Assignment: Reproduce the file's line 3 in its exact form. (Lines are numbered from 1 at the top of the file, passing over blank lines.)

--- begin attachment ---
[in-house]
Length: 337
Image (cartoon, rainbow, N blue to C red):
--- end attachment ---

Image (cartoon, rainbow, N blue to C red):